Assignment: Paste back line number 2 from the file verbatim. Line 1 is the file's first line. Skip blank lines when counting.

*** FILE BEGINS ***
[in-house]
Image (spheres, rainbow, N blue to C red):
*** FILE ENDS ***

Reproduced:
Image (spheres, rainbow, N blue to C red):